Jason Dean was a typical freshman football player at McMurry in 1992, enjoying the freedoms of college life and dreading those early-morning wakeup calls for football practice.
At that same time, John Walsh was a junior wide receiver with a wife and newborn son, working the 4-8:30 a.m. shift at UPS before heading to class, then football practice. Sometimes he’d pull the overnight shift.
While doing all of that, Walsh was a record setter who owned the school’s career yards per catch mark before it was eventually broken. He still sits in second place on that list and was named to the All-Texas Intercollegiate Athletic Association second team in 1993.
His teammates took notice of his hard work, both on and off the field. Just ask Dean.
“He was our go-to guy at wide receiver,” said Dean, who was a guard on the team and played with Walsh for two seasons. “If we were throwing the football, John Walsh was the guy we were looking to get open. He was always encouraging people to play harder. It was just a maturity thing for him. He was already married and had a family while the rest of us were young, dumb college kids. He was definitely the leader of our team.”
McMurry’s best season in the duo’s tenure came in 1993, Walsh’s senior year, when the team finished 8-2 and lost to a Mexican all-star team in the Aztec Bowl in Mexico City. After that year, the two went their separate ways.
Today, both men, now high school head coaches, will be on the same field once again when their respective teams play in the Class 4A Division I state championship game at Arlington’s Cowboys Stadium — Walsh with Guyer and Dean with Georgetown.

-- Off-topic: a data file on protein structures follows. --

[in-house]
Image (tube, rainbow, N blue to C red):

“It’s definitely different going up against a friend,” Walsh said. “I have a lot of respect for him. When you watch his team play on film, you know he’s running a real quality program. There’s a mutual respect.”
Walsh referenced some tough playoff negotiations recently with the Tyler John Tyler coaches prior to last week’s state semifinal, saying he was relieved to be dealing with someone this week whom he has a long history with, and Dean agreed.
“I think it’s great we know each other and have mutual respect for each other,” Dean said. “You don’t have to worry about what advantage he is trying to get. We were talking about officials. [My assistant] coaches were leery about talking with other teams and people trying to get advantages, but we’re completely honest with each other, so that’s been nice.”
Earning their stripes
While both men went to college in Abilene, they were not far from home.
Walsh grew up in Merkel, just 17 miles west of Abilene on Interstate 20. Dean calls Santa Anna, a small town 60 miles from Abilene and just west of Brownwood, home.
When taking their first jobs in coaching, the two didn’t stray far from their roots, either.
Dean took his first job under Steve Warren at Abilene while Walsh started his coaching career under Steve Freeman at Brownwood, where the Lions went to one state semifinal with Walsh as the quarterbacks coach and later the offensive coordinator. The two met as assistants when Brownwood and Abilene faced off in nondistrict play.
Following the 2004 season, Dean left Abilene to become the offensive coordinator at Georgetown before becoming the Eagles’ head coach four years later. That same year, Walsh left Brownwood to start the program at Guyer as the head coach. He went 1-19 in his first two seasons at Guyer, and since then has been to at least the state semifinals in all but one season.
Guyer lost in the 2010 Class 5A Division II state championship game with Walsh’s son, whom Dean remembers as an infant, as the quarterback.
Dean went 1-9 in his first season as the Eagles’ head coach, before going 5-6 and 6-4, and now in his fourth year has Georgetown making school history every week with a 15-0 record.